(AFP) – May 2, 2011
DUBAI — Osama bin Laden's ancestral homeland Yemen and his birthplace Saudi Arabia on Monday both hailed his death while his acolytes called it a "catastrophe" and vowed to keep up jihad, or holy war.
"We hope the killing of bin Laden will be the beginning of the end of terror," a Yemeni official said, asking not to be identified.
A formal statement from the Sanaa government called the elimination of bin Laden a "monumental milestone in the ongoing global war against terrorism."
Saudi and Yemeni Al-Qaeda branches merged in January 2009 to form the Yemen-based Al-Qaeda in the Arabian Peninsula (AQAP).
"This news has been a catastrophe for us. At first we did not believe it, but we got in touch with our brothers in Pakistan who have confirmed it," an AQAP member told AFP by telephone on Monday.
An Internet outlet for official messages from Al-Qaeda has been deleting posts of bin Laden's death and pledged that the jihad, or holy war, will continue, US monitoring group SITE reported early on Monday.
It said the Shumukh al-Islam forum has been asking users to wait for confirmation of the death before making any more posts, but there was a heavy flow of messages offering prayers and vowing that jihad will continue.
Users also threatened the United States.
"America will reap the same if the news (of his death) is true (or) false," one read. "The lions will remain lions and will continue moving in the footsteps of Osama," said another.
In Jordan, the Muslim Brotherhood said it did not endorse Al-Qaeda tactics, but hailed bin Laden's "commitment and dedication to his ideology to his death."
Brotherhood spokesman Jamil Abu Bakr warned that another Al-Qaeda could emerge unless the international community changed its attitude towards Islam, the Palestinian issue and corruption in the Middle East.
Israel was quick to celebrate bin Laden's killing at the hands of US covert forces in Pakistan, calling it a "resounding victory for justice."
"The state of Israel joins the American people on this historic day in celebrating the elimination of Osama bin Laden," Israeli Prime Minister Benjamin Netanyahu said in a statement released by his office.
"This is a resounding victory for justice, freedom and the common values of all democracies that are resolutely fighting shoulder to shoulder against terrorism."
The Islamist Hamas ruling the Gaza Strip, condemned the killing.
"We condemn any killing of a holy warrior or of a Muslim and Arab person and we ask God to bestow his mercy upon him," Hamas government chief Ismail Haniya told journalists.
But in the West Bank, Palestinian prime minister Salam Fayyad welcomed it, saying he hope it would end a "very dark era."
"I would definitely view this as a major, indeed mega landmark event," Fayyad said at a news conference.
Egypt's Muslim Brotherhood insisted that bin Laden did not represent Islam and that the United States should pull out of Iraq and Afghanistan. "Islam is not bin Laden," Mahmud Ezzat, the Brotherhood's number two, told AFP.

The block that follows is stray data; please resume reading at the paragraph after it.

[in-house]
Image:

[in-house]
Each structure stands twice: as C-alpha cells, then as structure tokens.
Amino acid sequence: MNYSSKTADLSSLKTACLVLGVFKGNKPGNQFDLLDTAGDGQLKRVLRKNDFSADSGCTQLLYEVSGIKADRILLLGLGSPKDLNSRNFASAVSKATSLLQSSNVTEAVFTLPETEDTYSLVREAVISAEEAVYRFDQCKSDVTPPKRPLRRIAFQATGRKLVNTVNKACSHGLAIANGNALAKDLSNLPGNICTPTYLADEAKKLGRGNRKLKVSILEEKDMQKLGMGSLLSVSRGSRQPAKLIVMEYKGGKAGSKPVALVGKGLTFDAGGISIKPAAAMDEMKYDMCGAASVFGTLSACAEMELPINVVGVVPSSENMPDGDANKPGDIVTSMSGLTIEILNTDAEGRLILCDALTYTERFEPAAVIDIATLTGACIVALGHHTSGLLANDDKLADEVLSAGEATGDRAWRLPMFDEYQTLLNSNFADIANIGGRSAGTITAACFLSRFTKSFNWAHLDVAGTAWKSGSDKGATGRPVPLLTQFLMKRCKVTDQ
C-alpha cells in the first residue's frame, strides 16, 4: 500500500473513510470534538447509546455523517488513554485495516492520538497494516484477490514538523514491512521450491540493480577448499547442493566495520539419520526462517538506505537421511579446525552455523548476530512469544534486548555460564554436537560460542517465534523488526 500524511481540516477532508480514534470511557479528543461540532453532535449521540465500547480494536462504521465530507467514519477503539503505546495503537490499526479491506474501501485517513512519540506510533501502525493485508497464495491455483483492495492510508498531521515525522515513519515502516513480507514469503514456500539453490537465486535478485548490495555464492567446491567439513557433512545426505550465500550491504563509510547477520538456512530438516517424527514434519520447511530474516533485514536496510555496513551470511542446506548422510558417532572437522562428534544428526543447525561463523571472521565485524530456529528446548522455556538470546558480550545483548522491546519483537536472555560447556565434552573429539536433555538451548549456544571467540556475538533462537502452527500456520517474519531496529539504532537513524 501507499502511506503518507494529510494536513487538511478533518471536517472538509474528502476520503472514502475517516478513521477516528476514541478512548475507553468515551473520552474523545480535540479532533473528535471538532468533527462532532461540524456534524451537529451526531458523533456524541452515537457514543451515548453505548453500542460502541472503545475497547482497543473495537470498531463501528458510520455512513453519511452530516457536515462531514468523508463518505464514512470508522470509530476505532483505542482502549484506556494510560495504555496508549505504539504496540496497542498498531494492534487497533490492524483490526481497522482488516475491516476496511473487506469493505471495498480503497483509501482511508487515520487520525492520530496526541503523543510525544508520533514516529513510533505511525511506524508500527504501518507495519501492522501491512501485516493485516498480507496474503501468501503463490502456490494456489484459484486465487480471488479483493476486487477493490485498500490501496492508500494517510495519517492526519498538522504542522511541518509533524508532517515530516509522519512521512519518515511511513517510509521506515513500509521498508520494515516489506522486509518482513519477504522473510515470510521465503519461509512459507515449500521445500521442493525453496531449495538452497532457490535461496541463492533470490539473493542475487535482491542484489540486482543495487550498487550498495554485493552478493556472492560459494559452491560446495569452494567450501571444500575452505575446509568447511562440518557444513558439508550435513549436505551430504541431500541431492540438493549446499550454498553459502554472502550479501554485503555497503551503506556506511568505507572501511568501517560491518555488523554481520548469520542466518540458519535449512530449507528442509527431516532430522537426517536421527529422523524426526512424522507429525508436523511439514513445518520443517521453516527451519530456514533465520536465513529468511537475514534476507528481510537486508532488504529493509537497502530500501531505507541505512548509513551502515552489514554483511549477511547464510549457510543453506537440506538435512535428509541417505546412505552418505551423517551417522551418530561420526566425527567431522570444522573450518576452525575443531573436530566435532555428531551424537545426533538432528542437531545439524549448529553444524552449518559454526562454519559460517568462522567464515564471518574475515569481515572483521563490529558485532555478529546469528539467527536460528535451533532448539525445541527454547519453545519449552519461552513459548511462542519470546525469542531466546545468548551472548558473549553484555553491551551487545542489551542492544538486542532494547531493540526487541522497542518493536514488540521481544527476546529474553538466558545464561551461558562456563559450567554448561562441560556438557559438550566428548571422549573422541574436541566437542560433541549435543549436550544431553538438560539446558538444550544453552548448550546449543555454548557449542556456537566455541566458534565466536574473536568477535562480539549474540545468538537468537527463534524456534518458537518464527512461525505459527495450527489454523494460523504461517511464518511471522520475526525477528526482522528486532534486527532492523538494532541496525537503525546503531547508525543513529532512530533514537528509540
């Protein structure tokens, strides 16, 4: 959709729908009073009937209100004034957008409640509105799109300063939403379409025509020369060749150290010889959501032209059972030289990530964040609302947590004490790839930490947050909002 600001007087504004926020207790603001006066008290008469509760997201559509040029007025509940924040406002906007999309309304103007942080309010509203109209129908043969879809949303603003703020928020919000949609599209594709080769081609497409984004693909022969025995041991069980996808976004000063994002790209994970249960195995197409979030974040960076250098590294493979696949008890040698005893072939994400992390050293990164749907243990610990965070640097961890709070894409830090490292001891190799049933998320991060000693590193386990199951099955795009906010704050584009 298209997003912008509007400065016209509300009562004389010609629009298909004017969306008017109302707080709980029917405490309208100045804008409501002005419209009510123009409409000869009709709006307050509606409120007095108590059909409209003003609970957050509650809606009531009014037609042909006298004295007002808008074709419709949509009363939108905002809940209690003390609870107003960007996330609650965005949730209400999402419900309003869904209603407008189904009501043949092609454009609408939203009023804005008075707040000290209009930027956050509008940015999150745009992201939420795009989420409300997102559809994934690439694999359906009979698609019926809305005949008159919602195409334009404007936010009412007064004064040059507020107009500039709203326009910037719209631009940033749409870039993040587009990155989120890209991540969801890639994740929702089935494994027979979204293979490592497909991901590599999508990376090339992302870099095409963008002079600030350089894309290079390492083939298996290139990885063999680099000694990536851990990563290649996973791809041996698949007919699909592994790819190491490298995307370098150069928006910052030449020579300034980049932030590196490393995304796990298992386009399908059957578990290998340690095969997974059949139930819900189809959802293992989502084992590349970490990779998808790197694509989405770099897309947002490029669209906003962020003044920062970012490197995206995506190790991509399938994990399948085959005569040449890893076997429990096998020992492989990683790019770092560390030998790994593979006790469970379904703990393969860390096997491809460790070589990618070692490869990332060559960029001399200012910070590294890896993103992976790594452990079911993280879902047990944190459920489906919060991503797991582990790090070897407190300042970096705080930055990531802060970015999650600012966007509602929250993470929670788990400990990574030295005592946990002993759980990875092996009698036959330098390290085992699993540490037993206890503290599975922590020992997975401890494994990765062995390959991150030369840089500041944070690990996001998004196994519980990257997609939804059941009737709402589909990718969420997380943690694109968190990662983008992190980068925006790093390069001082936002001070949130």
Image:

Bin Laden's deputy, Egypt-born Ayman al-Zawahiri, recently accused Washington of installing sympathetic new regimes in Tunisia and Egypt following popular revolts that toppled their long-time presidents.
In Saudi Arabia, where bin Laden was born and his family has a successful construction business, the government said his killing will support an international drive against terrorism.
"Saudi Arabia hopes that the elimination of the leader of the terrorist Al-Qaeda organisation will be a step towards supporting international efforts aimed at combating terrorism," the official SPA news agency said.
A local resident who declined to give his name said bin Laden had drawn widespread hatred towards Islam by placing it next to terrorism.
"Every Muslim has become a suspect in the West. That is his fault," he said, adding that bin Laden's death may help Saudi Arabia "turn a page and end attacks."
Student Nasser Ismail said he was "sad" that the terror chief was killed by US forces, but hoped that the death may end discriminatory religious and ethnic profiling of Muslims.
In Yemen, reactions were mixed.
"Sheikh Osama bin Laden made the Arab and Islamic nations proud. His death represents a catastrophe for all," said Ali Ahmed, 30.
But Mohammed al-Saadi, 65, appeared keen to distance Muslims from bin Laden.
"He had nothing to do with Islam... The world is better after his death," he said.
In Kuwait, a liberal woman MP, Aseel al-Awadhi, said she was pleased about the killing.
"Bin Laden's death is an opportunity for the Arab and Muslim nations to restore the Islamic identity that had been hijacked by extremism," she said in a statement.
Kuwaiti Islamic cleric Sheikh Hamed al-Ali, however, called bin Laden's "martyrdom" a "great calamity."
Iraqi Foreign Minister Hoshyar Zebari told AFP he was "delighted" at the killing and noted that thousands of Iraqis had died "because of his ideologies."
The 57-member Organisation of the Islamic Conference said it followed the news with "great attention" and stressed that terrorism was against the teachings of Islam.
US forces in Iraq said they suspected the killing may provoke retaliatory attacks against American interests.
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